But at my core, I am a wanderer--a storyteller, someone who needs a life laced in mystery the way I crave mid-afternoon sunlight during winter’s darkest days. I’m in love with lichen-cloaked fir trees and the smell of soil, with the driftwood that snarls the shore of Lake Superior, and the dew that coats my sleeping bag when I spend the night outside. I still don’t know if I believe in an afterlife but I trust in the holiness of the world we inhabit now. The faith I have isn’t grounded in my head, but in my hands and feet, the things I see and smell and touch and taste: the wonder that shrouds my sense of being in this world. In the beautiful words of writer David James Duncan, “Wonder is unknowing experienced as pleasure”--and as this point in my life, God has become a synonym for that unknowing, that wonder.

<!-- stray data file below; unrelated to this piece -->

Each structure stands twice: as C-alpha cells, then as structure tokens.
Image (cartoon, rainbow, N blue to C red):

I love the poem, “Returning to Church” by Michael Dickman. I love how the poem conflates romantic love with the mystery of a mass in a way that leaves me unable to discern what moves the narrator more: I had forgotten/all the promises, they make/at church, singing/or/not singing--/a new body/a living water/I wanted to be very still and listen to her voice moving out in front of me/there are two houses/the dark and quiet/house of God/and the house of her/voice. I love the unselfconscious wonder in Dickman’s language—the way he calls the people in the pews strangers who aren’t strangers but his/ other homeless children. I love the way he adds an exclamation point after the line Everyone here is so nice! Following it with And they don’t even know me, they don’t think they have to. But my favorite line in the whole poem, the line that’s lingered with me this winter at Holden, each time we pass the peace or lay hands on someone praying at the cross, is hand after hand they take my hand, a prayer of bone. I hear it and picture all of you—the way we wave each other in and out of Holden Village and hug each other on Sundays, the way we eat together and pray together and hike together and knit together. The way we play board games with the village kids and check up on each other during times of illness or loss. A prayer of bone.